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Expansion Of Blockchain Technology

Image: Gerd Altmann

A recent report from the World Economic Forum predicts that 10% of GDP will be stored on blockchains or infrastructure linked to blockchains by 2027.

Report further laid out that increased financial inclusion in emerging markets as critical mass in gaining footprint in financial services on the blockchain. New services and value exchanges are developed directly on the blockchain by disintermediation of financial institutions.

Blockchain technology in its present form is often criticized for failing to match present payment network outputs or meeting the requirements of economic systems and governments. In the case of crypto currency like Bitcoin, it was designed to enable a global network to securely transact and exchange value without the need for an expensive intermediary to solve the problem, probably in a way which it has proven successful. 

This means that everyone involved in the financial industry is likely to notice something. Unfortunately it has not been the case and has led the common man to find it difficult to assess whether they are worth their time and investment attention.

Let’s make it simpler how blockchain technology operates before evaluating how blockchain going to affect other industries. To simplify how block chain transaction take place, compare with any online publishing service (example Financial Times). The Internet enables anyone anywhere in the globe to publish data. A blockchain and there are many public and private individuals, just as websites allow anyone to send value anywhere in the world where they can access the blockchain file without the need of intermediary institutions. 

According to (Catalini and Gans, 2019) Blockchain are linked to a reduction in two key costs: the cost of verifying the transaction attributes that can be recorded on a blockchain and the networking costs. For a market to function, key attributes of the individuals, firms, goods and services involved need to be verified and audited before and after transactions take place.This method is often labor intensive or needs third parties to guarantee market security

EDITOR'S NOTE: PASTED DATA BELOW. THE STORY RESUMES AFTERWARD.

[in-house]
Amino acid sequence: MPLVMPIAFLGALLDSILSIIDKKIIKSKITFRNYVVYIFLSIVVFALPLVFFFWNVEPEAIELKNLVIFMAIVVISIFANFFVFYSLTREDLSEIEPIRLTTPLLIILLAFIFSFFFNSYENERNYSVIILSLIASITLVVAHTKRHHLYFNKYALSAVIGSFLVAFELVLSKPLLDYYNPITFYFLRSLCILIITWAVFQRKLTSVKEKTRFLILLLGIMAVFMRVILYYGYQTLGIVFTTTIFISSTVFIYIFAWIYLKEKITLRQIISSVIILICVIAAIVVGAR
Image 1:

This implies that the job done by an army of bank office employees to record transactions, check identities and deter fraud can now be accomplished much more rapidly and precisely through pure blockchain technology. 

But the practical application for blockchain technology reaches further than financial assets, in a way any type of digital asset and critical information can be tracked and trader through a blockchain. For example the construction industry and the IT industry, often require problems related to cooperation with subcontractors and the project plan are amended from time to time. Such “who where when why information” problems can  be addressed through blockchain technology.

According to Harvard business review, experiments of blockchain technologies in other industries are in early stages. They range from medical records (MedRec, Pokitdok) to digital rights and micropayments (the Brave browser, Ascribe, Open Music Initiative) identity (Uport) and supply chain (Everledger, Hyperledger). 

Companies such as Circle and Abra benefit from the reduced expenses of blockchain technology for cross-border payments, competing with existing market leaders such as PayPal, TransferWise and other transaction companies. Both Visa and MasterCard are exploring related technology uses to enhance the way payments are processed efficiently.

Blockchain technology appears to be one of the most impactful technologies beyond the financial industry. While the technologies already hold the promise of a massive change to our current systems and structures, these changes are still years away. It requires adoption, testing, supporting legislation (example libra going through legislation phase in US) and legal practice for users, businesses and countries. Blockchain technology is going to impact directly or indirectly in day to day life and its field of use is solely going to be expanded from here on.


Catalini, Christian and Gans, Joshua S: Some Simple Economics of the Blockchain (April 20, 2019). Rotman School of Management Working Paper No. 2874598; MIT Sloan Research Paper No. 5191-16. 


World Economic Forum:




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